Article Text


Histiocytic necrotising lymphadenitis identical to Kikuchi-Fujimoto disease in CNS lupus
  1. Maria Ioanna Stefanou1,
  2. German Ott2,
  3. Ulf Ziemann1,
  4. Annerose Mengel1
  1. 1 Department of Neurology and Stroke, and Hertie Institute for Clinical Brain Research, University of Tübingen, Tübingen, Germany
  2. 2 Department of Clinical Pathology, Robert-Bosch Krankenhaus, and Margarete Fischer-Bosch Institute for Clinical Pharmacology, Stuttgart, Germany
  1. Correspondence to Dr Maria Ioanna Stefanou, maria-ioanna.stefanou{at}

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A 36-year-old woman presented after a first generalised tonic–clonic seizure. On clinical examination, prominent cervical and axillary lymphadenopathy was noted. Brain MRI showed diffuse, partially enhancing, hyperintense lesions (figure 1). An axillary lymph node biopsy revealed typical findings of histiocytic necrotising lymphadenitis, compatible with Kikuchi-Fujimoto disease (figure 2).1 Laboratory studies showed positive antinuclear antibodies, low complement levels and pancytopenia. In the cerebrospinal fluid (CSF), lymphocytic pleocytosis (34/μL), elevated lactate (3.3 mmol/L) and protein (104 mg/dL) levels were noted. Investigations for lymphoma were negative. Furthermore, negative serological and PCR findings for Epstein-Barr virus, cytomegalovirus and HIV were found. Interferon-gamma release assay and PCR for tuberculosis, along with serological investigations for toxoplasmosis and syphilis, were negative. The cytological examination of the CSF revealed activated lymphocytes and plasma cells. CSF and blood cultures remained negative. On diagnostic evidence of pericarditis and a positive history for photosensitivity and arthralgia, the diagnosis of a central nervous system (CNS) manifestation of systemic lupus erythematosus was made.2 Two months after intense immunosuppressive therapy with methylprednisolone, rituximab and cyclophosphamide, the patient’s clinical and paraclinical findings improved markedly.

Figure 1

Brain MRI. Coronal Fluid-attenuated  inversion recovery (FLAIR) (A) and axial T2w (B) MRI reveal cortical and subcortical hyperintensities involving the right frontal, temporal and parietal lobes, and the bilateral basal ganglia. Axial gadolinium-enhanced T1w MRI (C) demonstrates contrast enhancement without diffusion restriction (D). Intense immunosuppressive therapy resulted in significant remission of the MRI abnormalities (E).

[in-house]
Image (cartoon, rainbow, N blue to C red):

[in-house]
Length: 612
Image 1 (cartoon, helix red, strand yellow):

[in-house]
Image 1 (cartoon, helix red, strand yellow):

Figure 2

Lymph node biopsy specimen. At low magnification (A), extensive necrosis, surrounded by partly preserved lymphatic tissue with reactive changes, was noted (H&E, ×100). Higher magnification (B) showed extensive pyknotic and karyorrhectic nuclear debris, along with histiocytic cells and activated lymphocytes (H&E, ×400). The pathological findings were typical for histiocytic necrotising lymphadenitis, morphologically identical to Kikuchi-Fujimoto disease.

Kikuchi-Fujimoto disease, or histiocytic necrotising lymphadenitis, is a rare, benign and self-limited disease, affecting mainly young women and presenting with localised lymphadenopathy, fever and leucopenia in the majority of the reported cases.1 The aetiology of Kikuchi-Fujimoto disease remains unknown. The hallmark histopathological feature is a histiocytic necrotising lymphadenitis, characterised by necrotic and/or histiocytic cellular infiltrates within the lymph node, often accompanied by invasion of the node capsule and inflammation of the perinodal tissue. The present report illustrates that histiocytic necrotising lymphadenitis, morphologically identical to Kikuchi-Fujimoto disease, may occur in association with systemic lupus erythematosus. As no effective treatment has been established for Kikuchi-Fujimoto disease, clinical awareness of the overlapping features of the two disorders is crucial for the prompt diagnosis and early initiation of immunosuppressive therapy in patients with concomitant systemic lupus erythematosus.

Learning points

  • Kikuchi-Fujimoto disease, or histiocytic necrotising lymphadenitis, is a rare, benign and self-limited disorder of unknown origin.

  • Kikuchi-Fujimoto disease may occur in association with systemic lupus erythematosus.

  • High clinical awareness is warranted for early diagnosis and treatment initiation in patients with concomitant systemic lupus erythematosus, presenting with histiocytic necrotising lymphadenitis.


The authors would like to acknowledge the significant contribution of Dr Hennersdorf in reporting the imaging studies.


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  • Contributors MIS: case report conception, organisation and execution; writing of the first draft, review and finalisation, treating physician. GO: conduction and analysis of the pathological study, critical review of the manuscript. UZ: supervision, critical review and finalisation of the manuscript. AM: case report conception, organisation and execution, treating physician and coordinator of the project.

  • Funding The authors have not declared a specific grant for this research from any funding agency in the public, commercial or not-for-profit sectors.

  • Competing interests None declared.

  • Patient consent Obtained.

  • Provenance and peer review Not commissioned; externally peer reviewed.

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